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CAPE TOWN — Conservative analysis of SAA’s cash flow given to parliament yesterday shows it’s effectively bankrupt and that the seemingly interminable government bailouts, totalling R19bn so far – will have to continue. Either that or like the incipient Swazi Airlines, it will crash and burn, never to take off in this form again. This at the very time that Zuma’s ‘just’ and good friend, Dudu Myeni’s SAA chair tenure finally comes to an end – to whoops of delight from the Organisation Undoing Tax Abuse (OUTA). Whether she’ll exit free of criminal charges given the mountain of highly suspect deals she’s overseen and the chaos she’s sown remains an open question. Yet, should incompetence and perversity at State-owned-enterprises continue diminishing, there is great promise for an economic turnaround, says a highly respected economist. Emerging market economist Peter Attard Montalto of Japanese bank Nomura, suggests selling some State assets to plug budget and revenue holes. While government is unlikely to loosen its grip on the main SOEs, 700 are under inspection by National Treasury for greater private sector participation. The sale of any number of these (obviously excluding licensing and research authorities), could stop a management-overhauled SAA (and others) from bleeding the fiscus dry. – Chris Bateman
Cape Town – The South African government has a number of options to raise money for the fiscus and plug budget holes if it chooses to go the route of private sector participation, says emerging market economist Peter Attard Montalto of Japanese bank Nomura.
In recent weeks there has been increased talk of the sale of state assets in a bid to inject capital into specifically South African Airways (SAA) so that the cash-strapped national carrier can repay its loans.
“But we need to be clear what private sector participation actually is,” says Montalto. “With over 700 state-owned entities under inspection by National Treasury for greater private sector participation, there is a wide variety of potential outcomes, all anathema to those who oppose this.”
Options for private sector participation
Public sector participation, according to Montalto, could mean a number of things.:
It could come down to the outright sale of majority or total equity control to the private sector and strategic investors, which will amount to “real” privatisation. This could take place through a sale to the private sector and private equity or initial public offering (IPO) shareholdings by asset management.
“A complex relationship could develop if the government remains the single largest minority shareholder and the Public Investment Corporation (PIC) would also likely buy a significant stake perhaps giving a public sector majority,” Montalto says.
The “outright sale” could also include a sale to the PIC, which would amount to “fake” privatisation and would simply mean moving assets around the broader public sector balance sheet. “Issues of rent extraction and patronage would not necessarily shift,” he notes.
Private sector participation could also include minority stake sales with the likelihood of continued government control and influence. “In such an instance it would be harder for the private sector to influence or appoint management.”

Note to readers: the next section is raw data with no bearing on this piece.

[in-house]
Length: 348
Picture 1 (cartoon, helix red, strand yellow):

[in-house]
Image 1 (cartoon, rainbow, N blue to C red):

In addition, it could amount to “outsourcing”, which could create more opportunities for rent extraction or black economic empowerment fronting.
Montalto notes that there are over 700 SOEs to “choose” from for greater private sector participation, which may seem like a lot on the surface. However, many of these are technically SOEs but are in reality more like licensing or research authorities, and would not normally be entities that could issue equities.
“The biggest SOEs are obviously the ones that could theoretically raise the most money for National Treasury, namely Eskom, Transnet, SAA, Denel, Alexkor, SABC and the South African Post Office and Sanral.”
These SOEs are however equally the hardest to privatise, given governance issues as well as particularly focused political and ideological sensitivity, and it is unlikely that government will sell equity in each of these entities.
“What Transnet has done, for instance, is to spin off branch rail lines to industry to own a form of privatisation, though we believe most such easy wins have been completed there now. SAA has been hunting for strategic partners for the past five years but with only theoretical interest given its management and political interference,” Montalto says.
Equity sales in Eskom itself are impossible in the short to medium term, but converting older power stations into joint venture entities with the private sector may be a more likely route.
Each of these “major” SOEs could see share sales to PIC as a “fake” form of privatisation, which would allow the status quo to continue, but real privatisation is problematic.
The only thing that exists as an “easy win” for private sector participation is the government’s 39.29% stake in Telkom, currently valued at around R13.4bn, Montalto says.
“However, there is still considerable reluctance in the ANC to remove this, both directly in terms of the ideological issues of ownership but also strategically as a potentially slippery slope to other future sales.”
Once the “low hanging Telkom fruit” is picked, government is likely to create private sector partnership through “transfers within” the state.
“We think a sale of some part of the Telkom stake is more likely to occur but with the PIC playing a large role. The PIC could transfer more allocation into lending into SOEs but it could also take equity ownership in Eskom (or a nuclear subsidiary with Rosatom) as part of nuclear procurement,” Montalto says.
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